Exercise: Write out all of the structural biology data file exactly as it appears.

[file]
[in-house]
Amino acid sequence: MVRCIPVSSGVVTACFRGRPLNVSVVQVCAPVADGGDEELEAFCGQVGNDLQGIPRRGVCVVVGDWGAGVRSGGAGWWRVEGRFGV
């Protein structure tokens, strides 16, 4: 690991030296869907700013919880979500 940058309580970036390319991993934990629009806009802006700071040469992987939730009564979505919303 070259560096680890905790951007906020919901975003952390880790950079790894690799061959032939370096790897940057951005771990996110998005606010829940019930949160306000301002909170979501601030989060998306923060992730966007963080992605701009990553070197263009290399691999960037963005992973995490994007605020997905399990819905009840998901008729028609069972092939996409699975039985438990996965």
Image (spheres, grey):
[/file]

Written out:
[in-house]
Amino acid sequence: MVRCIPVSSGVVTACFRGRPLNVSVVQVCAPVADGGDEELEAFCGQVGNDLQGIPRRGVCVVVGDWGAGVRSGGAGWWRVEGRFGV
């Protein structure tokens, strides 16, 4: 690991030296869907700013919880979500 940058309580970036390319991993934990629009806009802006700071040469992987939730009564979505919303 070259560096680890905790951007906020919901975003952390880790950079790894690799061959032939370096790897940057951005771990996110998005606010829940019930949160306000301002909170979501601030989060998306923060992730966007963080992605701009990553070197263009290399691999960037963005992973995490994007605020997905399990819905009840998901008729028609069972092939996409699975039985438990996965």
Image (spheres, grey):